Minister insists Boris Johnson is being kept ‘aware’ of exams crisis despite continuing holiday

Sky News presenter Niall Paterson and Tory schools minister Nick Gibb; Sky News, Twitter

Sky News presenter Niall Paterson and Tory schools minister Nick Gibb; Sky News, Twitter - Credit: Archant

A Tory minister has insisted Boris Johnson is being kept abreast of the A-Levels fiasco while on holiday despite being told he should be leading the crisis.

Education minister Nick Gibb said he has been in contact with the prime minister twice this week to discuss the ongoing problem of A-Level and GCSE results.

Appearing on Sky News, the minister for schools was confronted by presenter Niall Paterson, who asked 'where on earth' Johnson had been during the crisis.

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'What's been his level of involvement? Look, no one denies he's entitled to a holiday but the country is entitled to a prime minister,' Paterson said.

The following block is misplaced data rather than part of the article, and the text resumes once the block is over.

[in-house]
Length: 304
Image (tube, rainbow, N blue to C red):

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Gibb replied: 'The prime minister is kept closely involved with all these issues. I spoke to the prime minister twice this week so he is aware of what is going on.'

The minister said Johnson was also receiving 'daily' updates.

The prime minister was urged to cancel his two-week holiday in Scotland with fiancée Carrie Symonds and newborn baby Wilfred to deal with the escalating crisis.

Labour leader Sir Keir Starmer said the prime minister should take 'personal responsibility' for fixing the issue and accused him of being 'invisible' throughout the whole ordeal.

He tweeted: 'Weeks of chaos, confusion and incompetence. We need a return to teacher assessments for A-Level results and urgent action to avoid the same injustice for GCSE students.

'Boris Johnson has been invisible during this crisis. He needs to take personal responsibility, and fix it.'

On Monday, the government announced it was scrapping the use of a computer algorithm to predict sixth formers' grades in favour of teacher assessments after nationwide backlash at the system.

The algorithm is claimed to have benefitted pupils attending independent schools while negatively affecting the marks of those at disadvantaged ones.

Almost 40% of results were downgraded by one or more marks through the government's standardisation process.

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